Most MMOs have some form of “dailies”. Dailies are activities that have a time-limited activity cap. The most common type is a daily quest, which is only available to complete once per day. Dailies are used as a time gate towards progress, or they are used to let casual players maximize rewards for their time. Guild Wars 2 uses a daily PvE achievement based around four tasks to maximize experience points and karma. The main difference from most other MMOs is that the four tasks can be accomplished nearly anywhere.
For a look at a more conventional MMO, let’s take Lord of the Rings Online’s Hytbold content. Hytbold is a personally-phased town in Rohan that has been ravaged by war. It is up to players to reconstruct the village by doing dailies. Each day there are 16 quests split between 4 zones from the new Riders of Rohan expansion. I am not there yet, but knowledgeable guildies told me it would take 40+ days of 16-quest dailies to complete Hytbold. It’s easy to see the direction behind Hytbold. Dailies are centered around content where most players will be. Dailies correspond to a unique reward. And dailies will keep people coming back for quite a long time. While Hytbold is unique in many aspects, its use of dailies is the norm in most MMOs.
Guild Wars 2 turned dailies on its head, for better and worse.
First, Guild Wars 2 dailies can be completed in nearly any PvE area as well as WvW. The four tasks are kill 15 enemy types, kill 60 enemies, gather 20 times, and complete 5 events. For dungeon-runners and WvW, killing 15 enemy types is usually the biggest bar, but I’ve found that the dailies can be knocked out in less than an hour easily. I’ve found that starting areas are actually great for dailies because of the event density and enemy type distribution. A few of the dragons are also good for knocking out event strings while keeping to high-level rewards.
The ancestral Guild Wars 1 has daily achievements centered around specific content scattered around the world with Zaishen quests. Instead of killing any 60 enemies, players had to kill a specific boss. Instead of completing any 5 events, players had to complete a specific mission. This got a lot of players together focused on the daily, but it did not reward players for simply logging on and playing as they deemed fit.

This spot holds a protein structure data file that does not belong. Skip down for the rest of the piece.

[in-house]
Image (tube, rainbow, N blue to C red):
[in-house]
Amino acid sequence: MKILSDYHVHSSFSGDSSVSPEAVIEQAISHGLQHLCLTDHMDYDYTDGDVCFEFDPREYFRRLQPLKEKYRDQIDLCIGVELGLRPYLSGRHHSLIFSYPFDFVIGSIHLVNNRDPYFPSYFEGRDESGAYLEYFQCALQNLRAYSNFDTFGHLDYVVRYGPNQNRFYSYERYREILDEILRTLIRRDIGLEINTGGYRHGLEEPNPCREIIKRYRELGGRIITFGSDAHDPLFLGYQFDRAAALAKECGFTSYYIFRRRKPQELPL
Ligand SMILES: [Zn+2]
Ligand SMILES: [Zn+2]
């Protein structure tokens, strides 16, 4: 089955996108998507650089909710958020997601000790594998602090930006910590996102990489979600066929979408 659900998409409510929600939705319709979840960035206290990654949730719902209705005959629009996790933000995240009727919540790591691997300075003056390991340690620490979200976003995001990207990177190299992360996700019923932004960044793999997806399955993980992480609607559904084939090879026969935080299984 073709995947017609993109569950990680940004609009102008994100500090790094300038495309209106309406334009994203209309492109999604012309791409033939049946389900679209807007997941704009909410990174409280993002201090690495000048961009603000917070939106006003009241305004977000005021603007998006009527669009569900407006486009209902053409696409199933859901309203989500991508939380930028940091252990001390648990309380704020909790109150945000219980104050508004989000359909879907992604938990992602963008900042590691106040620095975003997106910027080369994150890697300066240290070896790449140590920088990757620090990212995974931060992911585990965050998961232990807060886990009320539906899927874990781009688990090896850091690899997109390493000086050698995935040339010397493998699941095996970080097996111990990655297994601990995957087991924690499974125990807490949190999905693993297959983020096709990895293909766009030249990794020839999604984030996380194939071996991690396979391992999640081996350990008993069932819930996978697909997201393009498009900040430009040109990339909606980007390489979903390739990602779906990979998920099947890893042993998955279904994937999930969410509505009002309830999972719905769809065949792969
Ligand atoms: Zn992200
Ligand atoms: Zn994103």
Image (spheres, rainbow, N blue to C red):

The rewards for Guild Wars 2 dailies are also generic. Each tier of the tasks awards the player with a small experience boost. When each task is filled the player gets a Mystic Coin, a Jug of Liquid Karma, a chance at a Black Lion item, a small amount of silver, and more experience. A Mystic Coin is used for getting pretty skins and other items out of the Mystic Forge. If nothing else the market will suck them up. (The supply is still pretty surprising for a once-a-day item.) The Jug of Karma represents the best karma-per-time ratio because it gives 4500 boostable karma per pop. 4500+ karma in less than an hour of play is extremely good. With experience feeding skill points, which have some monetary worth, it is always appreciated.
Finally, I don’t feel that Guild Wars 2 dailies provide any player drive unless that player is already logged on. Players at the level cap in Lord of the Rings Online will return for a mere hour every day or so to keep working on Hytbold. I don’t think a Guild Wars 2 player deciding whether to play something else will consider the generic dailies a deciding factor. Guild Wars 2 dailies seem be a tool used to give a small boost to players with less time rather than as a driving force to point players towards content and each other.
I think in one part this is great. Guild Wars 2 dailies fully embody the “just play” philosophy. On the other hand, with the exception of the Jug of Liquid Karma, the experience and gold boosts are small and unnecessary. Players do not need experience boosts to slog through the last levels because those levels speed by as fast as most others. On the other hand, I think there is still room to improve Guild Wars 2 dailies to provide more direction and focus.
My idea is to have normal advancement and focused advancement. Normal advancement is the Guild Wars 2 dailies now. “Just play.” Focused advancement would focus on a specific PvE zone or dungeon. Kill 60 things anywhere, or focus down and kill 60 things in Caledon Forest. Focused activities would push both normal advancement and focused advancement, of course. However, a player that has already killed 60 things anywhere with a filled achievement bar could still work on the focused achievement to fill it up (perhaps a multi-colored bar having focused advancement a different color from normal advancement).
Suggestions for focused daily rewards could be a buff that stays the rest of the day, increased magic find chance to the Black Lion daily rewards, or a new reward schema. Collection is after all a strong driving force for players to return day after day. Even having “limited-time seasons” for daily rewards might be something to consider where eventually the neon-green dye with glow shader costing 15 days-worth of focused dailies is never going to be available again.
I feel the rewards is the easier part with plenty of design space, but the main goal is to give players another reason to log on because of dailies because, like I said above, I do not think dailies in Guild Wars 2 are any sort of driving force until after the player has logged on. I feel like this would be a good place to iterate on to focus attention on less-populated zones as well as give players more reason to log on. It would also be a generous nod towards the Zaishen of old, wherever they are.